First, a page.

Raphael Patai Series in Jewish Folklore and Anthropology
Series Editor: Dan Ben-Amos, University of Pennsylvania
The Raphael Patai Series in Jewish Folklore and Anthropology publishes books illuminating the diverse and culturally rich Jewish heritage. The series is named in honor of the many contributions of its founder and original editor, Raphael Patai.
In Tales in Context: Sefer ha-ma’asim in Medieval Northern France, Rella Kushelevsky enlightens the stories’ meanings and reflects the circumstances and environment for Jewish lives in medieval France. Although a selection of tales was previously published, this is the first publication of a Hebrew-English annotated edition in its entirety, revealing fresh insight.
"This important book provides Jewish Studies scholars, medievalists and students of European culture with a point of entry into the sources that both shape and reflect the complex worlds of medieval northern-French Jews. The profound literary, comparative and historical analysis, supplemented by an annotated edition and translation of the medieval tales and a facsimile edition of the beautiful Bodleian Library manuscript, turn this book into a treasure trove." – Ephraim Shoham-Steiner, professor in the department of Jewish history at Ben-Gurion University of the Negev
Investigates class mobility in a group of 40-50-year-old second-generation Moroccan immigrant women, members of a subordinate ethnic group in Israel.
A comprehensive survey of historical and contemporary Jewish dance.
Examines a pan-ethnic style of music created by North African and Middle Eastern Israeli musicians in the late twentieth century.
The Jewish Community of Zakho in Iraqi Kurdistan
A study of the Iraqi Jewish community of Zakho that investigates the community’s attachment to the Land of Israel, the effects of Zionist activity, and immigration to Palestine and Israel.
Surveys past and present research on Israeli anthropology for students and researchers.
Jewish Fundamentalism in the Occupied Territories
Describes and examines the attempts of Gush Emunim, a religious nationalistic social movement, to construct Israeli identity, collective memory, and sense of place.
Ritual, Music, and Aesthetics of Syrian Jews in Brooklyn
Explores the cultural connection between Syrian Jewish life and Arab culture in present-day Brooklyn, New York, through liturgical music.
The Memoirs of Yekhezkel Kotik
The first annotated English edition of a classic early-twentieth-century Yiddish memoir that vividly describes Jewish life in a small Eastern European town.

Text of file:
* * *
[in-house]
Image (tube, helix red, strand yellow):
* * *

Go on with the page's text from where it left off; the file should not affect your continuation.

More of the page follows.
Life Histories of Female Holocaust Survivors from Hungary
A compassionate and insightful study of Hungarian women who lived through the Holocaust, with an appendix containing their complete stories.
The Sephardic Folktale
A groundbreaking and comprehensive study of the Sephardic folktale as it relates to group identity and narrative culture.
From Personal Narratives to a Group Portrait
A groundbreaking study of personal stories from ex-Soviet immigrants in Israel, bringing together scholarship in anthropology, sociology, linguistics, semiotics, and social psychology.
Voices of Israeli Backpackers
An intertextual examination of the storytelling of Israeli backpackers that analyzes their unique patterns of communication to create a thorough picture of this "narrative community."
An Ethno-Reading of Karaite Jewish Women
Portrays the experiences of Egyptian Karaites in the San Francisco Bay Area as it explores the relationship between text and everyday life, between literal reading and its translation into bodily practices—especially as related to the female body.
Settlement, Immigration, Ethnicity
Provides a broad, engaging view of Israeli society through folk stories that have circulated among settlers in the kibbutz, immigrants, and ethnic groups.
Eating and Embodiment in Medieval Kabbalah
Examining the mystical practices associated with food in zoharic kabbalah and the ways they inform us about the kabbalistic experience of embodiment.
From Soul Talks to Talk Radio in Israeli Culture
An original ethnographic study about communication and culture in Palestine and Israel during the Twentieth Century, examining three modes of communication—soul talks, straight talk, and talk radio.
Tales from the Sephardic Tradition
A collection of fifty-four Judeo-Spanish folktales taken from the rich heritage of Sephardic oral storytelling and translated into English for the first time.
The Creation of Festive Lore in a New Culture, 1882-1948
By analyzing key aspects of Hebrew culture, this book adds new dimension to the anthropological, sociological, and historical studies dealing with folklore, rituals, and festivals.
The Jewish Folklorists of Poland
An examination of the history of Yiddish folklore from Poland between the two world wars.
Cases and Contexts from the Middle Ages to the Present
A rich, multidisciplinary exploration of spirit possession among Jews.